More raids, more deaths
Iran, Russia, Turkey to hold Syria meeting in Kazakhstan
Russian plane crash in Syrian base kills 32
Fresh air strikes and clashes shook the Syrian rebel enclave of Eastern Ghouta yesterday after desperately needed aid deliveries were cut short by fighting.
The brutal onslaught on the last major rebel stronghold near the capital, the latest regime offensive of the seven-year civil war, has sparked outrage but little action from the West.
Government troops have advanced rapidly across farmland in Eastern Ghouta in the past week, a monitor says, and as of early yesterday controlled 40 percent of the enclave, the Syrian Observatory for Human Rights said.
Essential aid deliveries to tens of thousands of besieged civilians were cut short on Monday as the regime pounded the region.
At least nine civilians were killed in air strikes on the town of Jisreen early yesterday, the Britain-based Observatory said.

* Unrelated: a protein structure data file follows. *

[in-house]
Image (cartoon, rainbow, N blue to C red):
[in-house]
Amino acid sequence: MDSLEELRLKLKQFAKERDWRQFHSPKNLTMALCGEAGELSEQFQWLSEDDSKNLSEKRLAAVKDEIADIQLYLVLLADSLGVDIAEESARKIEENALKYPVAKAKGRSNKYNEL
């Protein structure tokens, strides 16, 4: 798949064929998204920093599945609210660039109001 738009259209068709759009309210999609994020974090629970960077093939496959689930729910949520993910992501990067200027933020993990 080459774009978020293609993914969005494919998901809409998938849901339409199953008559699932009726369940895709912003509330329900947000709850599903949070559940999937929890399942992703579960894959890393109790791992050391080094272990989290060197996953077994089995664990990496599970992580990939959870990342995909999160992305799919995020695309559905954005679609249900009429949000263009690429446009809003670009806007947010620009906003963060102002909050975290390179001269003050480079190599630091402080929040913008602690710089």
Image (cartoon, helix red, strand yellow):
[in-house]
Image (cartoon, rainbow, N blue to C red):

In the latest attempt to end the seven-year war, the foreign ministers of regime allies Iran and Russia and rebel backer Turkey are to meet next week in Astana, Kazakhstan's top diplomatic envoy said.
Turkey yesterday announced it would establish camps in neighbouring Syria, including near the border in Idlib, to settle 170,000 people fleeing from the civil war.
France and Britain have requested an emergency meeting of the UN Security Council to discuss the failure of the 30-day ceasefire to take hold in Syria, diplomats said.
The council is expected to meet today to discuss the air strikes and clashes in the Syrian enclave of Eastern Ghouta.
Meanwhile, a Russian transport plane crashed on landing at Russia's Hmeimim airbase in Syria, killing all 32 on board, the defence ministry said in a statement carried by RIA Novosti.
"The reason for the crash according to preliminary information could have been a technical fault," the ministry added, saying the plane had not come under fire.